I listened to episode one of Brene Brown’s podcast, Unlocking Us, yesterday.
It has taken me – literally, exactly – three months to click play. (The episode is dated 20th March.)
I knew it was going to be good. I have read several of Brene’s books (and watched her TED talks and netflix documentary) and I don’t speak lightly when I say they have contributed to changing my life. (It’s extremely rare if not impossible for any one thing to truly change our lives: it’s always the combination of many things, with one repeated pattern, which results in change.)
Because of what I’ve taken in from what she shares, I’m more comfortable with vulnerability and real honesty. (A little. Working on it.) My business is better and I lead it better. (That’s hard to say, but the team tell me it’s true and I trust them.)
Best of all, I have more tools in my toolbox than I did before. Tools for dealing with emotions, relationships, problems, fears, change, concerns, and even pandemics.
So I knew listening to her podcast would be amazing. Inspiring. Encouraging.
I knew I would like it, I knew I would be a better person for it, and I knew I wanted to listen to it.
But I didn’t listen to it until yesterday.
It was, indeed, all those things I expected. After the episode finished, I texted one of the PF team (she’s a Brene fan too, and that’s putting it lightly), and I literally typed this: “FUCK, brene, how do you do this. How do you be so legendary and yet I don’t hate you. How do I feel like crying and am grateful for it. How do you lead well and I’m not playing the comparison game. These are my thoughts on episode one.”
Most of you know I don’t swear often. I’m not overly bothered with it in general, although I’m not a fan of the really crude ones, and I have a full stop on taking Jesus or God’s name in vain. Super short version, Jesus is important to me, He exists, and His name matters, a lot. So throwing it round casually or angrily isn’t okay by me, although I completely get that most people who do it just haven’t thought about it much. I still love you and Jesus does too. (Side note: those ‘karen’ memes have given me a tiny indication of what it means to “take someone’s name in vain”. I’m not saying I know how God feels, but…wow. So much hatred for me and they don’t even know me. Anyway.)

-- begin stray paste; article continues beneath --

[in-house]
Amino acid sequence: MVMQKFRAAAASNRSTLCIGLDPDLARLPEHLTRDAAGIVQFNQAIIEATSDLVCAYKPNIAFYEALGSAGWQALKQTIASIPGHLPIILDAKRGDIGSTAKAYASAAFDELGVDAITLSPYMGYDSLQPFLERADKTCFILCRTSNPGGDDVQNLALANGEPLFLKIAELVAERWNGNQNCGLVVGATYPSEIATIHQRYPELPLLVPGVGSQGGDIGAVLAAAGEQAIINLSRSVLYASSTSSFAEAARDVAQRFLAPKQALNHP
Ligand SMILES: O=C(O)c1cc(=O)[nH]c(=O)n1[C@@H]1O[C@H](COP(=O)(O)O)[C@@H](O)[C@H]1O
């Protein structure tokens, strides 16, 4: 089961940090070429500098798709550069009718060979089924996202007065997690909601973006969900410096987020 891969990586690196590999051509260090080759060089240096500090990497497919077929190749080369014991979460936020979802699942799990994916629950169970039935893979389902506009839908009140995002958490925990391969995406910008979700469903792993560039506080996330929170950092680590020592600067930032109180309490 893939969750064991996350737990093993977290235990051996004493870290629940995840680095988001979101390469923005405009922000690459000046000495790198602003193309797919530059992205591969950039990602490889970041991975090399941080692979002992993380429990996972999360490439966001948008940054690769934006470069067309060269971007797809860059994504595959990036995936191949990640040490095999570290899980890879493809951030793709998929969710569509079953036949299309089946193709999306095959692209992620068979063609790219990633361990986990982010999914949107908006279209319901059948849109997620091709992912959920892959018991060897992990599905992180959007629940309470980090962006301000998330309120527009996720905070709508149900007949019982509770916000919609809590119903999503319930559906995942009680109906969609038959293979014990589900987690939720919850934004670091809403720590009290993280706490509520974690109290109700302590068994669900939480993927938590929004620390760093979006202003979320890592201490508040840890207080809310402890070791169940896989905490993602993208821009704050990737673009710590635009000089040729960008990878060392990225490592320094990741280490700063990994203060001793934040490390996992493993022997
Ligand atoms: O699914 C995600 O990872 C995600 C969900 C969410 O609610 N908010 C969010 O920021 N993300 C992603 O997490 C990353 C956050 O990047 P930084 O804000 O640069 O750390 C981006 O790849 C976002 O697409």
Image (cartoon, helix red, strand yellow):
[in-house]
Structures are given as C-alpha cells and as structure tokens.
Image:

If I do swear, I tend to do it with people I trust. People who I know won’t judge me or be shocked or horrified or wonder if I’ve stopped being a Christian or something. And I tend to pull out the big guns when I feel really overwhelmed. Like I can’t find the words. Like there’s no words strong enough to get across how I feel.
I’ve probably sworn more during this pandemic than any other time in my life.
It’s like….what even is happening. I don’t know. I don’t have the words. This is so new and confusing. Everyone is confused. People are dying. Or are they? We can’t trust anyone. I feel this and that and the other thing. I’m doing better! I’m having a great day. This day sucks. This week sucks. WTF, 2020. Wow my business is doing so well. That’s good. Covid isn’t good but new business is good. I love helping people. Oh my word I’m so exhausted. The team are amazing. I can’t do this. I am doing this. What is even happening?
And that’s in the space of a day, or maybe five minutes.
When I went to click on the first podcast episode, I noticed it had the little “E” next to it, for “Explicit”. It almost made me laugh. Brene, the quiet calm soothing helpful encouraging honest researcher, with the explicit episode?